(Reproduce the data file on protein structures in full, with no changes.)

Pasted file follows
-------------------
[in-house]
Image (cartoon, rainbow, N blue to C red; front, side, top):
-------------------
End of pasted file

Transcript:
[in-house]
Image (cartoon, rainbow, N blue to C red; front, side, top):